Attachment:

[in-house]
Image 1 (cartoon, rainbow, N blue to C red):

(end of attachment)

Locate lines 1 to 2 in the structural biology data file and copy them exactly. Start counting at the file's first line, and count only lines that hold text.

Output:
[in-house]
Image 1 (cartoon, rainbow, N blue to C red):